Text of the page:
World Englishes


Several attempts have been made to model the spread and diffusion of English as a global language (Kachru 1988, Görlach 1991, McArthur 1987, Crystal 1997).  Kachru’s (1988) concentric circle model (Figure 1) captures the historical, sociolinguistic, acquisitional, and literary contexts of the spread and diffusion of English.
In this model, the inner circle refers to the traditional bases of English, where it is the primary language, with an estimated 320–380 million speakers (Crystal 1997).  The outer circle represents the spread of English in nonnative contexts, where it has been institutionalized as an additional language, with an estimated 150–300 million speakers.  The expanding circle, with a steady increase in the number of speakers and functional domains, includes nations where English is used primarily as a foreign language, with an estimated 100–1000 million speakers (Crystal 1997).
The impact and extent of spread is not easily quantifiable because many varieties of English are used for both inter- and intranational functions.
(Bhatt 530)
Works cited
Bhatt, Rakesh M. 2001. World Englishes. Annual Review of Anthropology 30, 527–550.
Crystal, David. 1997. English as a global language. Cambridge, UK: Cambridge University Press.
Görlach, Manfred.  1991.  Englishes: Studies in varieties of English.  Amsterdam: John Benjamins.
Kachru, Braj B. 1988. The spread of English and sacred linguistic cows.  Language spread and language policy: Issues, implications, and case studies, ed. by Peter H. Lowenberg, 207–28.  Washington, DC: Georgetown University Press.
McArthur, Tom. 1987. The English languages? English today 3.3, 9–13.

I would also add that inner circle Englishes are norm-providing and associated with the first diaspora of English; outer circle Englishes are norm-developing and associated with the second diaspora of English (i.e., British colonialization); and expanding circle Englishes are norm-dependent and not associated with any particular historical period.  Additionally, there is some shift towards English as a native language (that is, the first language an individual acquires) in outer circle nations.
This tumblr focuses on outer circle Englishes, although I may venture at some points into inner circle and expanding circle Englishes.

Several attempts have been made to model the spread and diffusion of English as a global language (Kachru 1988, Görlach 1991, McArthur 1987, Crystal 1997).  Kachru’s (1988) concentric circle model (Figure 1) captures the historical, sociolinguistic, acquisitional, and literary contexts of the spread and diffusion of English.

In this model, the inner circle refers to the traditional bases of English, where it is the primary language, with an estimated 320–380 million speakers (Crystal 1997).  The outer circle represents the spread of English in nonnative contexts, where it has been institutionalized as an additional language, with an estimated 150–300 million speakers.  The expanding circle, with a steady increase in the number of speakers and functional domains, includes nations where English is used primarily as a foreign language, with an estimated 100–1000 million speakers (Crystal 1997).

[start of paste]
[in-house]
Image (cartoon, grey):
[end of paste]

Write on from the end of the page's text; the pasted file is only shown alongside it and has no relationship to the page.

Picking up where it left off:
The impact and extent of spread is not easily quantifiable because many varieties of English are used for both inter- and intranational functions.

(Bhatt 530)

Works cited

  • Bhatt, Rakesh M. 2001. World Englishes. Annual Review of Anthropology 30, 527–550.
  • Crystal, David. 1997. English as a global language. Cambridge, UK: Cambridge University Press.
  • Görlach, Manfred.  1991.  Englishes: Studies in varieties of English.  Amsterdam: John Benjamins.
  • Kachru, Braj B. 1988. The spread of English and sacred linguistic cows.  Language spread and language policy: Issues, implications, and case studies, ed. by Peter H. Lowenberg, 207–28.  Washington, DC: Georgetown University Press.
  • McArthur, Tom. 1987. The English languages? English today 3.3, 9–13.

I would also add that inner circle Englishes are norm-providing and associated with the first diaspora of English; outer circle Englishes are norm-developing and associated with the second diaspora of English (i.e., British colonialization); and expanding circle Englishes are norm-dependent and not associated with any particular historical period.  Additionally, there is some shift towards English as a native language (that is, the first language an individual acquires) in outer circle nations.

This tumblr focuses on outer circle Englishes, although I may venture at some points into inner circle and expanding circle Englishes.



  1. gold-of-kinabalu reblogged this from xtremefangirling
  2. truth-aboutforever reblogged this from worldenglishes and added:
    The shit we do in ELL.
  3. distractinteract reblogged this from mikroblogolas and added:
    I like this.
  4. spinsterprivilege reblogged this from mikroblogolas
  5. mikroblogolas reblogged this from worldenglishes and added:
    What an exciting tumblr. Heads up, linguistics and postcolonialist studies nerds!
  6. worldenglishes posted this